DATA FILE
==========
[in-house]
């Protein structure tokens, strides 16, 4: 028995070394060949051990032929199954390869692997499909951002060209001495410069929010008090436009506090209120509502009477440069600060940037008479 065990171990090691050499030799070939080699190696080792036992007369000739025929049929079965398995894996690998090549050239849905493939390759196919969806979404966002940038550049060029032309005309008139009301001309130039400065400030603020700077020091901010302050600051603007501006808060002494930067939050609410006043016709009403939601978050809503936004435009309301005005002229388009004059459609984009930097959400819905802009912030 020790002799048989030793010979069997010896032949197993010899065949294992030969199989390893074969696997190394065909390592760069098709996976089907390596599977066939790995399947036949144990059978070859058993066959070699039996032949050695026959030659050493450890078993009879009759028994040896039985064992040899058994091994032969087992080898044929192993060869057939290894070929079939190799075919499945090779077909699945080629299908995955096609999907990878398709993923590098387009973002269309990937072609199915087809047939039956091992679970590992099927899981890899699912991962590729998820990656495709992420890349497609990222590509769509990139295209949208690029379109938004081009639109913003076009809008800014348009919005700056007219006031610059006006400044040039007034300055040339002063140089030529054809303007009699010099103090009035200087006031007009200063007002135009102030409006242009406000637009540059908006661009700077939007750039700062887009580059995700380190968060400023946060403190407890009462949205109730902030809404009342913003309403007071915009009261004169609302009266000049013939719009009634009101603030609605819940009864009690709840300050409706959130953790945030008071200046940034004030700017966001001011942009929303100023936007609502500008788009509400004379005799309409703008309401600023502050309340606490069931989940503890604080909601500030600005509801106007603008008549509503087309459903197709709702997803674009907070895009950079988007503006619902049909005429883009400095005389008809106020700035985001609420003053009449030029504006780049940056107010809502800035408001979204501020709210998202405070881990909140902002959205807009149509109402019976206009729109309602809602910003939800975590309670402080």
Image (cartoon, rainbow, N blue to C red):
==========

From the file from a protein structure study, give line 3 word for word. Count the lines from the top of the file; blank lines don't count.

Image (cartoon, rainbow, N blue to C red):